(David Watson) Mr. Watson says that Mr. Benson stole his comment. He has observed people using the terms in a way that's inconsistent with our bylaw definitions. He's has reservations about the term "Yard space". Mr. Watson says that "Open space" is a term of art, and he doesn't want to cause confusion among people who work in different municipalities.

(Steve Revilak) Mr. Revilak says he'd be fine with Mr. Benson's suggestion of "Private Open Space". He believes that Cambridge uses the term private open space in conjunction with its yard regulations.

The Chair opens the hearing to public comment.

(John Worden) Mr. Worden says this proposal is a solution to a problem that we don't have. He doesn't see the point in complicating things, and believes we should stick with the terms we have.

(Patricia Worden) Ms. Worden believes that this is an attempt to confuse the definition of open space. She believes that Mr. Revilak will use this article to try and sneak in a whole bunch of changes to the zoning bylaw. She believes the proposed change would be damaging to the town.

(Carl Wagner) Mr. Wagner believes the article is an effort at obfuscation. He says that open space is supposed to be for landscaping and trees, and a way to prevent COVID. He says that Mr. Revilak wants density and urbanization, and these things would be dangerous to a town like Arlington.

(Don Seltzer) Mr. Seltzer asks the board if they really want to burden town meeting with this article. He feels it will take town meeting 20--30 minutes to deliberate and vote, and this is only a semantic quibble.

(Chris Loretti) Mr. Loretti likes the existing terms, and feels that no change is necessary. He also says that the board should consult with the town moderator on the question of scope.

(Steve Moore) Mr. Moore has a question about the inclusion of sidewalks in open space. He asks if this would include public sidewalks.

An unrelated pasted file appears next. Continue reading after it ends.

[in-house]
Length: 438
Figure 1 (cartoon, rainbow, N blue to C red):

(Jenny Raitt) Ms. Raitt displays Mr. Revilak proposed change, which boils down to changing the words "open space" to "yard space", "usable" to "primary", and "landscaped" to "secondary" -- the red strikeouts and underlines being shown. Beyond that, the definitions are exactly as they appear in the current zoning bylaw. She says that these definitions apply to privately-owned lots, not public sidewalks.

(Kin Lau) Mr. Lau says that as he understands the bylaw, these open space definitions apply only to private property.

(Steve Revilak) Mr. Revilak would like to emphasize what Ms. Raitt said earlier. Aside from changing the terms, the definitions would remain exactly as they are.

Article 17 - Notice of Demolition, Open Foundation Excavation, New Construction, or Large Additions. Ms. Raitt introduces the article. She says it relates to the good neighbor agreement, which is part of the town bylaws. This article would have the ZBL cross-reference the good neighbor agreement in the town bylaws.

(Michael Ruderman) Mr. Ruderman is Article 17's proponent, and presents the article. Mr. Ruderman says that the residential study group offered a set of bylaw amendments to address common concerns about new development in neighborhoods. These were adopted by town meeting in 2017. He says the bylaws were about giving notice and providing a point of contact. Since then, the bylaws have not been thoroughly acknowledged and put into practice. He'd like the zoning bylaw to reference the town bylaw, as a way to make people more aware of the good neighbor agreement.

(Kin Lau) Mr. Lau asks if this is just a requirement for the building inspector.

(Michael Ruderman) Mr. Ruderman says yes. It makes compliance with the good neighbor agreement a condition for issuance of a building permit.